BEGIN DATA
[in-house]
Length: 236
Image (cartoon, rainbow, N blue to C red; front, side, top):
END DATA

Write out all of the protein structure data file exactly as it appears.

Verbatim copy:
[in-house]
Length: 236
Image (cartoon, rainbow, N blue to C red; front, side, top):